Five Reasons to Visit Spain

From Current, Seabourn’s digital travel magazine, read about how tradition and history meet spectacular natural beauty in a country that has plenty to inspire every traveler.

Spain is a country deeply entrenched in the centuries-old architecture, tradition and history that make it and so many other European countries spectacular travel destinations. But what separates this Iberian paradise from the rest of its Western European neighbors is its wide array of rugged landscapes, beautiful cities, and breathtaking islands and beaches. Being the most climatically diverse country in all of Europe, Spain can entice the carefree beachgoer, the photo-op seeking adventurer and everyone in between.

While Spain’s train system isn’t that of some other European countries, recent developments and technological advancements have made the train a more than suitable way to traverse the Iberian Peninsula, with most popular locations not being much more than 3 to 4 hours from each other. Headed to the islands? Most of Spain’s 59 airports offer several affordable, quick flights to and from the mainland every day.

Now with so much to choose from and so many ways to do it, we narrowed down a list of five must-see regions, cities and festivals to fit your itinerary.


Andalusia is the southernmost region of Spain and home to some of the country’s most beautiful and panoramic natural and architectural scenery. While many jetsetters and globetrotters only find time to visit the larger cities of Barcelona and Madrid, major cities in the south like Granada and Seville can provide the same cultural experience but with half the tourists. Stop in Seville to nibble on tapas and sip sangria before touring Cathedral Seville, the 4th-largest cathedral in the world. After that, make the three-hour train ride to Granada to hit the slopes at Sierra Nevada Ski Station. Yes, you can go skiing in Spain. With its illustrious reputation for being a beachgoer’s paradise, not enough travelers are cognizant of Spain’s world-class ski resorts.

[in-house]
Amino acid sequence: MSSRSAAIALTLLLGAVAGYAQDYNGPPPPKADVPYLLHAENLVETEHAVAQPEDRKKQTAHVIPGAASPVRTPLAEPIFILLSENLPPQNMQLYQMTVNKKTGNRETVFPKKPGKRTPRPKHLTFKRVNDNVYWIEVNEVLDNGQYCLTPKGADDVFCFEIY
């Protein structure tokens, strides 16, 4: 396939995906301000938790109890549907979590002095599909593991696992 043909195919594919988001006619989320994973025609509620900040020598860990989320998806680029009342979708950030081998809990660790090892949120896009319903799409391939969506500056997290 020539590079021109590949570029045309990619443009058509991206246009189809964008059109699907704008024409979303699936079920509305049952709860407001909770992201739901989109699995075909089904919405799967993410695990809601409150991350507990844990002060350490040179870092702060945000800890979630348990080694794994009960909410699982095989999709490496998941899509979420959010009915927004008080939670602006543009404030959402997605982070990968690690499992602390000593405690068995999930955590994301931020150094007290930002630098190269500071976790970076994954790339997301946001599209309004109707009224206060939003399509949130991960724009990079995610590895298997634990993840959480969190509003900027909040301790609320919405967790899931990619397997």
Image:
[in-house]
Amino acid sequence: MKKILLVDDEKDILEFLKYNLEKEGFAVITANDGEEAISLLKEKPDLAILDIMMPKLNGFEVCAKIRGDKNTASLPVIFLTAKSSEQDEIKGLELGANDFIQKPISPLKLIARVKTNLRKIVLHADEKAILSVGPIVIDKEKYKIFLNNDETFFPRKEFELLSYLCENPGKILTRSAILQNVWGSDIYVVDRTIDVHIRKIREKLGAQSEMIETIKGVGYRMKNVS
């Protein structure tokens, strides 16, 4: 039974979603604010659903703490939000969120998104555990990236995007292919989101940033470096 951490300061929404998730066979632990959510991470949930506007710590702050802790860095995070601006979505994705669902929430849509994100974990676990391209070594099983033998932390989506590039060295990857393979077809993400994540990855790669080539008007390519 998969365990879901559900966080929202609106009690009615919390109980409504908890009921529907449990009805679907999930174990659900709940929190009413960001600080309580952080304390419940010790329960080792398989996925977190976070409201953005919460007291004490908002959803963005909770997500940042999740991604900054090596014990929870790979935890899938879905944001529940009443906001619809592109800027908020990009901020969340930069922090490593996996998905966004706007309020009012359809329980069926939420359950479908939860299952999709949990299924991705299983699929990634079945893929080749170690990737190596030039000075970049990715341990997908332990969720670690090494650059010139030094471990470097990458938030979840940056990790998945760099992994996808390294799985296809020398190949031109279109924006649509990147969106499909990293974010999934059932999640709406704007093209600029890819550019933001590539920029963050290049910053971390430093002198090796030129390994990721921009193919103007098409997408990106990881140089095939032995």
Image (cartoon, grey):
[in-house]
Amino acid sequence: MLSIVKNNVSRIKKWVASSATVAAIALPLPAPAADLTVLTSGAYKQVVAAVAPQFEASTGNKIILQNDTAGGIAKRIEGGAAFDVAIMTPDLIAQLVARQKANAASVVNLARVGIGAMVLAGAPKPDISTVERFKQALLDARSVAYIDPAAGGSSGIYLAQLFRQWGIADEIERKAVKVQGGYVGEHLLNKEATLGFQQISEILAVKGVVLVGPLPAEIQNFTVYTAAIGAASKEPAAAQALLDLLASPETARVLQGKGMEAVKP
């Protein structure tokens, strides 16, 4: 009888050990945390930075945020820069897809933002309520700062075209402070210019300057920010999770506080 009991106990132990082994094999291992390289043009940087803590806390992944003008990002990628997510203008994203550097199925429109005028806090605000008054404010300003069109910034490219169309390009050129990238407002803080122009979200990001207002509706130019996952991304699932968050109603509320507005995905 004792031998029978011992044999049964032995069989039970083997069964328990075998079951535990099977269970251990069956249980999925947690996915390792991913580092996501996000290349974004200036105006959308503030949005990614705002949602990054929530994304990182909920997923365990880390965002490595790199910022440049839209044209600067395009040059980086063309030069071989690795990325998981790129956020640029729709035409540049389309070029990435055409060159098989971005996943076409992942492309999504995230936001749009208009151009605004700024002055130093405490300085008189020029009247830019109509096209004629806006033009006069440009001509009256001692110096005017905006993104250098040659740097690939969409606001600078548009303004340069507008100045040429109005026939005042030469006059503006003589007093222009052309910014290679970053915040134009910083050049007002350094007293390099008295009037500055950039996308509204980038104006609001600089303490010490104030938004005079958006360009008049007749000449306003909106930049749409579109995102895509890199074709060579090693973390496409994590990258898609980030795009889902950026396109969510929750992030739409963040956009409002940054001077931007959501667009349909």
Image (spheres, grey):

Nestled off the northwestern coast of Africa, each one of the Canary Islands has its own distinct personality and allure. That being said, the largest and most inhabited island, Tenerife, is the one you simply can’t leave Spain without seeing. Tenerife earned the nickname “Island of Eternal Spring” due to its fabulous springlike climate with endless sunshine year-round. But this utopian beach haven isn’t all about fun in the sun. Part of what makes Tenerife such an unbeatable travel destination is its jaw-dropping scenery inland — the most unmissable of which is the Parque Nacional del Teide, a 75-square-mile national park in the central part of the island. Inside the park you’ll instantly notice the 12,000-mile-high volcano, Teide, which is Spain’s tallest peak and the third-tallest volcano in the world. With over 20 trails to choose from, hiking around the volcano provides one of the best natural experiences in all of Spain.

If dancing the sand off your feet after a day of lounging on the beach is on your to-do list, look no further than the Balearic Islands. Consisting of four main islands — Ibiza, Menorca, Mallorca and Formentera — these Mediterranean island destinations aren’t just for people who want to stay out until sunrise. While Ibiza has a bustling nightlife scene, islands like Mallorca and Menorca offer a more relaxed, cosmopolitan vibe with great shopping, world-class restaurants and stunning architecture.


Being one of the two major metropolises in all of Spain, there’s not much Barcelona doesn’t have to offer to the average traveler. Start your stay in the Catalan capital by going straight to La Boqueria. While this public market is often viewed as an overly crowded tourist destination, it’s earned that reputation for a reason. Here you can get the taste of Spain every visitor deserves by dining on the cooked foods and fresh ingredients that make Barcelona the culinary hub it’s known to be. Lined with several tapas bars and cafés, it’s plenty more than just a place to stop for groceries. The city beaches in Barcelona are a great place to unwind after a day of visiting architectural masterpieces like Sagrada Família. Started by the late, great Catalan architect Antoni Gaudí, this minor basilica is actually still under construction. With countless awe-inspiring façades, towering spires, and hyper-detailed displays of craftsmanship, Sagrada Família is one of Europe’s most revered and must-see structural marvels.

Venturing away from the Mediterranean coast and up to the northern Basque region of Spain, San Sebastian provides a different view of Spanish culture from the hustle and bustle of Barcelona. This beach resort town is often referred to as having the best food in all of Spain. Starting in Parte Vieja, or Old Town, you can leisurely stroll along the various promenades and city streets, snacking and sipping at the several pintxo bars along the way. And yes, the beaches are magnificent as well. La Concha Beach, right off Parte Vieja, is arguably San Sebastian’s most visited beach, but for good reason. With stunning views of neighboring islands and crystal-clear water, it’s hard to miss.

Be sure to read Current regularly to stay up-to-date with the latest news and stories from around world. Current’s articles are brimming with timely and descriptive details to stimulate your imagination and destination tips to create excitement as you dream of your next Seabourn voyage.